Not all crimes involve a severed head in a forest. ‘The Shrink Next Door’, one of the most shocking – and funniest – stories of manipulation you’ll ever hear, is the second kind. It’s about a New York psychiatrist who takes his relationship with one patient way, way too far. It’s full of swanky country pads and amazing New York Jewish accents, and it will leave you saying ‘oy vey’ like you really mean it. Once you’ve finished, check out Apple's 2021 adaptation starring Will Ferrell and Paul Rudd. Eddy Frankel, Art & Culture Editor, Time Out London


Elizabeth Holmes is the disgraced founder of Theranos, a blood-testing technology that she claimed would revolutionise the medical industry. The story of her lies and fall has been chronicled in a book, an HBO documentary, an upcoming Jennifer Lawrence film and, of course, in gripping form as ‘The Dropout’ podcast.

Gillian Pensavalle’s ‘The Hamilcast’ really is a weekly podcast devoted to Lin-Manuel Miranda’s smash-hit musical ‘Hamilton’, and it really is now coming up on its two hundred and fiftieth episode. Having long ago interviewed Miranda himself and all the iconic original cast members, it remains a gloriously enthusiastic affair in which ultra-likeable superfan Pensavalle dials up a cast member or creative from one of the many, many productions of the show from around the world and basically just gossips with them for a bit. It's kind of gone beyond talking about ‘Hamilton’, and is instead a fascinating and fun insight into what it's like to work in musical theatre. Andrzej Łukowski, Theatre and Dance Editor


Missing dinner with friends? Pull up a chair to this extremely British table and let singer Jessie Ware and her mum Lennie keep you company. They invite celebs (guests include Billy Porter, Maisie Williams, Ed Sheeran, Paul McCartney and UK MP Jess Phillips) over to Lennie’s for dinner, they have a good old chat and sometimes Jessie’s brother gets roped in to make pudding (David Schwimmer slags off his banana bread in one episode). It’s the podcast equivalent of a juicy novel.

Every band is somebody’s favorite band. But some bands transcend simple fandom and generate their own legion of dedicated followers. Spotify host Yasi Salek dives deep into a different cultishly beloved band each week, complete with curated playlists with the potential to win new converts. Shows focus on drastically different band lifestyles, from the tour cultures of Phish and Dave Matthews to the ‘family’ of Juggalos devoted to Insane Clown Posse and the downright puzzling Gin Blossoms devotees still screaming for ‘Hey Jealousy’ all these years later.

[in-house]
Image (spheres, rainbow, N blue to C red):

Dan Taberski’s seven-episode series takes a microscope to the aftermath of the September 11, 2001 terrorist attack – in particular, its more overlooked consequences. Each episode zeroes in on the experiences of those forced to change their lives after that fateful day: From a Pakistani business owner reckoning with the disappearance of hundreds of his Muslim neighbors, to writers at The Onion grappling with the notion of ‘too soon’. What results is stirring and often darkly humorous. 

‘Modern Love’ is a popular New York Times column that was also turned into a highly rated anthology series on Amazon. The podcast, which landed before the TV production ever did, features notable personalities reading the popular columns. At the end of each episode, the hosts interview the original essayists to discuss post-column life.


The subtitle of this comedic medical podcast is ‘A Marital Tour of Misguided Medicine’. Dr Sydnee McElroy and husband Justin are basically a tag team: in each episode of ‘Sawbones’, she brings up the history of a certain medical practice while he views it through a comedic lens. Andrzej Łukowski, Theatre and Dance Editor

Mums aren’t the only ones who will enjoy ‘Motherhood Sessions’, hosted by reproductive psychiatrist Alexandra Sacks. Expect to get emotional while listening to guests talk about the many facets that make motherhood one of the most complicated, rewarding, confusing and deep aspects of life.


There must be a reason Dolly Parton is so famous – and ‘Dolly Parton’s America’ sheds light on just that. You’ll take a walk through Dollyverse, learning all about the artist’s life, the significance of her hit ‘Jolene’ and, of course, hear about the Dollywood theme park. But you’ll also hear about how Ms. Parton has shaped American culture as we know it. This podcast blew up in 2020 but if you haven't listened yet, do it now. It's timeless. Alex Plim, Director of Digital Content 

BBC host Melvyn Bragg dedicates his prolific podcast to the history of ideas, cutting deep into the diverse and under-explored history behind science, culture, philosophy and more. It’s a show where Anne Brontë and Shakespeare co-exist on the same conversational plane as Robert Oppenheimer and the Russo-Japanese war, and where the entire history of London comes to life across the span of a single enthralling episode. 


    More on podcasts

      You may also like
      You may also like